SeriousCat wrote:
Motor Pool

Instead of having one super convoy of trucks and HQs with supply throw, replace them with smaller units of trucks acting as supply nodes in the logistics network. These trucks can't be captured, moving into a hex with enemy trucks causes them to displace. The supply chain of trucks is the Main Supply Route (MSR), which has a supply draw range and a number of units that it can support. Therefore, if you want to extend the range of your supply trace each additional leg of the supply chain costs exponentially more trucks. This means you can either go for narrow depth, or shallow breadth. This also entirely does away with SP.


I think this sounds a little bit like how extenders work in the game, although broken down into more bite sized chunks.

You could house rule it so that an extender consists of 1 transport point, not 5, and has a range of one fifth of the current extender range.

That might end up being more accurate. It might also be a bit fiddlier (although handling physical SPs can be pretty fiddly).

Interesting stuff.


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Please tell me your PhD paper revolves around the modelling of SCM in wargaming. That would be an awesome way to justify wargaming all the time.
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I think the supply problem plagues wargaming community for a long time. OCS is perhaps the first to address that "problem" with a good mix of balance of play and simulation value. Although an accountant myself, I also tend to avoid games requiring bean counting. OCS may be the next best thing. But then I don't have a say because I still haven't played any one of the game in OCS that I own quite a few. I played some of the older wargames by 3W (World Wide Wargames) back then. The supply counting is always dull and almost kill the game.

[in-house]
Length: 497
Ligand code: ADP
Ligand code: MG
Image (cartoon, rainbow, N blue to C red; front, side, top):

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calandale wrote:
The system used in The Desert Fox strikes me as pretty strong, without
being as abstract as the one used in the Korean War.

You have to a build a fixed network of depots, which you trace back to.
Presumably, IF the number of depots were large enough, you would never
actually waste supplies, but that is seldom the case. I don't know if
the numbers are perfect, but they seem to put the proper limitations
on the pace of the campaigns.


Is this still in The Desert Fox (Deluxe Edition)? That looks like an amazing wargame. I actually have a friend who owns a copy and was showing us back when I was in Hong Kong. The maps are absolutely gorgeous.

Malcolm C wrote:
But I think the problem it presents in terms of playing the games is that it would result in too many attacks each turn.


IIRC, some games have attack and fuel tracks, limiting how many units can do an action in a turn. That seems to be a more elegant solution.

Malcolm C wrote: